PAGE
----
Copper Blue [CuSO4]
It is autumn 1992, towards the end of September if memory serves and I’m wrestling with a small TV aerial to find just the right position to get a decent buzz free signal for the portable TV that is sat on top of an old chest of drawers at the foot of my bed. Yes, we are in my teenage bedroom but don’t be scared, this preamble goes somewhere…
Showing on the 14inch screen is the Late Show on BBC2 and scheduled to appear are a new US band called Sugar. The singer of this band had been in a group that many of my favourite bands listed as a major influence. I had heard a snippet of a Sugar song on the radio a few days before and I was keen to hear more. Eventually they are introduced and they launch into “Helpless”, 2.47 minutes of fuzzed up yet beautifully melodic guitar twangery with urgent, earnest sometimes desperate, vocals. Straight away I knew that these guys were going to be important for me. I rushed out to buy their debut album as soon as I could (there was no internet to simply download the songs, I had to get a bus, find a shop that sold it and actually purchase a CD).
The album was called Copper Blue and it remains one of my favourite records.
About the same time that I was swooning to Sugar records I was studying chemistry at school… badly. I really liked the subject although I lacked the application and finesse to be a true chemist. My chemistry teacher described me as a “bucket chemist” - best left to mix stuff in a bucket to see what happens rather than run more complicated experiments that required precision and accuracy.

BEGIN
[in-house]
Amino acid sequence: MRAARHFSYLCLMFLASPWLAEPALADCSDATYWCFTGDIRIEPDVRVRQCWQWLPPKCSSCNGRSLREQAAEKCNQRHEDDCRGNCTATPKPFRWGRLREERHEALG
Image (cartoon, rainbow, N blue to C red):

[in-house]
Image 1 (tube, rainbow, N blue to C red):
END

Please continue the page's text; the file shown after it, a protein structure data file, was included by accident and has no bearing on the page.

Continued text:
He was spot on, doing an experiment with some plain white crystals to synthesise one mole of water was a bit uninspiring for me. I liked whizzes, bangs and colourful solutions bubbling away in test tubes and reduction flasks.
One experiment did stick in my mind though when one afternoon we made copper(II)sulphate crystals. I don’t remember the nuts and bolts of the procedure, but I have a vivid picture in my mind of the stunning azure blue crystals that I had made. It looked like a pile of little blue gems, precious stones from Pluto, Mars or Neptune - anywhere but Earth. In 2008 the artist Roger Hiorns pumped 75,000 litres of copper (II) sulphate solution into a building and encrusted an entire flat in these magical blue crystals. One day I hope to see it; that sounds like my kind of chemistry.
Those crystals and the release of Sugar’s debut album will mean that the words Copper Blue will always be a bit special for me, evocative of my youth, never too far from my mind.